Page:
2. 1/4 onion chopped
3. 10-15 green beans (any vegetable should work) chopped fine
4. seasonings, mustard, cumin and curry leaves
5. 1 tsp ghee

1. 1 tbsp grated coconut
2. 3 Green Chilies
3. 1 tsp cumin seeds
Lightly toast and make to a paste

1. In a pan heat a bit of ghee, add cumin and mustard seeds
2. Add the onions and fry till translucent
3. Add the green beans and salt and cook till the beans are tender
4. Add the coconut paste and let it cook for a 2-3 minutes
5. Add the mashed dal with a 1/2 cup of water and let it simmer for a 5-6 minutes (the amount of water added depends on the consistency that is required)

Serve with rice or Chapati with a dash of ghee.

Monday, October 15, 2007

Nutella Banana Bread and Blog Action Day

Nupur has a lot to do with this post, read on for details.

Lawns and Water - Blog Action Day

My first awareness of what a simple almost routine activity like taking care of the lawn could do to the environment came when I read about portions of the Chesapeake Bay becoming dead and the bay losing its ability to heal itself. Dangers posed by too much Nitrogen.

Can we do something about it?
During the spring and summers months , entering into suburbia a common sight is numerous water sprinklers sprinkling millions of gallons of water into the ground. This sprinkling method which is by far the most common method makes certain that a few gallons evaporate beore they even touch the ground.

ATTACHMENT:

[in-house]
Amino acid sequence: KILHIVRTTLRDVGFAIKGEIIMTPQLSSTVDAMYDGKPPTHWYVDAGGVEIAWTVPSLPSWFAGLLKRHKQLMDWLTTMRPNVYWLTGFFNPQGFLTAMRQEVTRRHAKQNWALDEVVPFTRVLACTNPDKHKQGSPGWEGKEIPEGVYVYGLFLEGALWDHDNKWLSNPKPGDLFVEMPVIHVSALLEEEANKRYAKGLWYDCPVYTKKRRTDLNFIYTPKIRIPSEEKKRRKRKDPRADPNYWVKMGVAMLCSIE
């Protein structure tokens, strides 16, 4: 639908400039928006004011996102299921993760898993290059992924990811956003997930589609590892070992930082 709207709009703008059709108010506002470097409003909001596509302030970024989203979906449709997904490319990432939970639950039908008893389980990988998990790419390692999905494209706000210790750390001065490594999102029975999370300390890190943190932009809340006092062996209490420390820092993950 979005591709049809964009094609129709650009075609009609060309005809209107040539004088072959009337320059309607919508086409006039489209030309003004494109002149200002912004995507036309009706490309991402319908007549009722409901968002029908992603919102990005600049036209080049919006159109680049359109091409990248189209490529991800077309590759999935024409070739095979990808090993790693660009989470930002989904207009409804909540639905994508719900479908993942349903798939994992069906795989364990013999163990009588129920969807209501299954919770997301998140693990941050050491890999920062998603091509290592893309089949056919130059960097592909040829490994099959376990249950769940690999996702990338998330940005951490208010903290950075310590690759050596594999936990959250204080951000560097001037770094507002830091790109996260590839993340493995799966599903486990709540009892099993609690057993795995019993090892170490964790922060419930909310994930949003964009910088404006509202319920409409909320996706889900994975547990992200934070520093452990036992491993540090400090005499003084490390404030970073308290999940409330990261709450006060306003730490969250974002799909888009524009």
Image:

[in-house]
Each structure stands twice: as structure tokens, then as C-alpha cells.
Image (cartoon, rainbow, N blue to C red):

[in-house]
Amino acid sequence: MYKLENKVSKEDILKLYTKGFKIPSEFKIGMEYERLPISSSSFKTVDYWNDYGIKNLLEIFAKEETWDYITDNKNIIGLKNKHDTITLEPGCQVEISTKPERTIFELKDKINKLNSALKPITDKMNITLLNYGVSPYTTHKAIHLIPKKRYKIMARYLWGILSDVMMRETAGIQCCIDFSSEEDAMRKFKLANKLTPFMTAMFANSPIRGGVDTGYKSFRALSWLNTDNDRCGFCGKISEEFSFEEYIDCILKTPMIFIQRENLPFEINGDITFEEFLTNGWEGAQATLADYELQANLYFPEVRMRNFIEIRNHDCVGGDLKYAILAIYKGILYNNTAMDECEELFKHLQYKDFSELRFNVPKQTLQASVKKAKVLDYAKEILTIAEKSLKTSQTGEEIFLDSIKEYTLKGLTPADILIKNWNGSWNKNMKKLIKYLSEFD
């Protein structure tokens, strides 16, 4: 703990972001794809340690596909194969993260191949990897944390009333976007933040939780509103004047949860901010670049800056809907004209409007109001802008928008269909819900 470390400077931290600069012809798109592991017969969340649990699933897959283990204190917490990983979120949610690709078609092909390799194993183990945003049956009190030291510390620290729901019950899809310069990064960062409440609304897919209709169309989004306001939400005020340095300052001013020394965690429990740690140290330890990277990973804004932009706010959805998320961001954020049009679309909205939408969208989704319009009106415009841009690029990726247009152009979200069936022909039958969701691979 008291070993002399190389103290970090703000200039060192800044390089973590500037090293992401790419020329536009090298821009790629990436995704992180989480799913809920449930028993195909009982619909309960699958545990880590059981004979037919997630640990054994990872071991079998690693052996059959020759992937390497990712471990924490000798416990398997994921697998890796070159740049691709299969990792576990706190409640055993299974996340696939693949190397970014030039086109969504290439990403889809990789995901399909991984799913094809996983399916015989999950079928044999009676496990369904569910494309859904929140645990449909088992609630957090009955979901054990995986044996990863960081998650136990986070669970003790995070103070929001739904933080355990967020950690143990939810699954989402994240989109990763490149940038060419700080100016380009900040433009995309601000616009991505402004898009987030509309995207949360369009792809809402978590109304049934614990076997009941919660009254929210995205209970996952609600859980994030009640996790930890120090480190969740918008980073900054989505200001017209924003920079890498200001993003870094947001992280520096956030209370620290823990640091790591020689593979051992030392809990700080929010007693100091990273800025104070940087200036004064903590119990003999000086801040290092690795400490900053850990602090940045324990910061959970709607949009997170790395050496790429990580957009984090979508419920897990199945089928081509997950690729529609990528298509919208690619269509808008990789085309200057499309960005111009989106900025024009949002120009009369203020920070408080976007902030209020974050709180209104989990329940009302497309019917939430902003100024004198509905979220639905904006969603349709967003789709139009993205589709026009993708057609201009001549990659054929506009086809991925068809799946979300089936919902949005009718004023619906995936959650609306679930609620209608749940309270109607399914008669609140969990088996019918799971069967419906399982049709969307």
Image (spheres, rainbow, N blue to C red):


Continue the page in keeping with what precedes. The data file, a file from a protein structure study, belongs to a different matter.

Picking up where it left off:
The fertilizer and pesticides applied to the lawn to make them look healthy and ofcourse the envy of the neighborhood gets washed off by too much water and in the process hurting the fragile ecosystem.

How many times have we heard the real estate agent say an attractive lawn adds at least a few thousands to the value of the house and this fact is hard to ignore.

The runoffs from watering and chemicals mixed with it, enters the streams and rivers and thereby polluting everything in sight.

From the unscientific survey done in my neighborhood, the lawns of neighbors who regularly water their lawn and have a lawn maintenance company apply pesticides and fertilizers looks almost the same as my lawn which is not watered and fertilized regularly, most times it depends on nature to do the trick, as for fertilizer, a small amount of lawn clippings is left on the grass itself to nourish. No amount of watering and fertilizing can do what mother nature in the form of rain can do.

This summer it was really easy to see the contrast, due to the lack of rains, most lawns look brown, the lawns which were watered regularly looked no different from the lawns which did not see even a sprinkle of water. Two days of rains in August and the lawns all magically turned green.

We stopped applying fertilizers and pesticides because the kids play in the lawn and I was not too comfortable with them playing in so much chemicals. Yes we do have a few weeds but from my reading having clover keeps the grubs out and when the lawn is mowed the green of the weeds is hard to differentiate from the green of the grass itself :)